President Uhuru Kenyatta was right to describe the South Korean economic growth since independence in 1963 as an example that demonstrates what a country can achieve in one generation provided it has a visionary leadership.

President Uhuru Kenyatta and Deputy President William Ruto escort President Park Geun-hye of South Korea on arrival at State House, Nairobi. [PHOTO: PSCU]

The hope is that South Korean President Park Geun-hye’s three day visit earlier this week re-ignited the vision of Kenyan leadership that seems to have been side-tracked by the cacophony of political noises swirling around it.

As the saying goes, the taste of the pudding is in the eating. Kenyans will, therefore, hope to see evidence of a re-ignited visionary leadership in several areas. Local leadership will be doing the country a favour were it to take advantage of South Korea’s global leadership in e-government as there is compelling evidence that it leads to a leaner, more transparent and efficient administration.

This has the potential to lead to huge savings in public expenditure with Kenya’s Auditor-General and Controller of the Budget estimating it could be as high as a third of the country’s annual budget which currently stands at slightly over two trillion shillings. A conservative estimate is that the money saved could be as high as Sh700 billion going by the 2016/17 financial estimates.

This amount is so huge that the corrupt individuals benefiting from shady deals would be expected to fight tooth and nail to maintain their stranglehold on contracts and the only way to cut them off is by moving ruthlessly against them by first sending home and prosecuting their enablers in government, departments and agencies.

Some of the monies saved could then be used to assist the potential and existing owners of small and medium-size businesses with special emphasis on those in manufacturing. In this regard, the Government might do well to take a second look at the over 150 entrepreneurs operating from Kariobangi light industries who are in the process of setting up the  Sh4 billion Viken Thirty Industrial Park in Ruai, Nairobi.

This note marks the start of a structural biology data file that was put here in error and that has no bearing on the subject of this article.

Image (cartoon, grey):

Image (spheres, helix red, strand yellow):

This would give the Government an idea of what these entrepreneurs, whose somewhat modest ambition is to raise the country’s share of the regional market from seven to 15 per cent, require to operate their businesses at optimum levels. The Government may be surprised to learn that more than financial help, these entrepreneurs require mentorship from global manufacturing firms such as those found in South Korea. The entrepreneurs may also require introduction into the global markets.

The huge savings made in government contracts and supplies could also be used to set up joint companies with South Koreans in areas such as digital technology, medicine and home appliances where the Asian country has a commanding global leadership.

This would be an easy thing to do considering that Kenya only scratches the surface of the trade agreements it has with both America and Europe. The only thing the companies involved would need to do is to ensure they meet the local content requirements. This might require importation of semi-finished raw materials that are not available locally.

Joint ventures

The other area where Kenya can take advantage of the South Korean Presidential visit is in agriculture. The promised Sh5 billion in loans or grants could be used to grow crops that have a ready market in South Korea. These crops can be easily identified by research teams drawn from both countries. Logic dictates that these crops be processed locally before they are exported so that the country can earn maximum benefits.

South Korean companies may also be asked to invest in joint ventures with Kenyans to process other agricultural produce—including coffee and tea—not only for the Seoul market but other large Asian markets, including China, Malaysia and Indonesia.

Yet, another area in which Kenya can benefit hugely from South Korea is in education, especially in the teaching and learning of science and technology. Kenya’s introduction of digital learning in primary schools should make this partnership easier.

Perhaps what the country requires is to launch a crash training programme for teachers in secondary schools, training colleges and universities to run parallel with the expected introduction of a new education curriculum. This need not be a daunting task if the exercise begins with the local training of trainers.

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